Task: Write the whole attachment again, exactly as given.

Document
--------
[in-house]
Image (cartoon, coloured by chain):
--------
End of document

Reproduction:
[in-house]
Image (cartoon, coloured by chain):